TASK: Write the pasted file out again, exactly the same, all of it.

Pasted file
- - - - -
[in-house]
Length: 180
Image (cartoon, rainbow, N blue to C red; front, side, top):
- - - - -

[in-house]
Length: 180
Image (cartoon, rainbow, N blue to C red; front, side, top):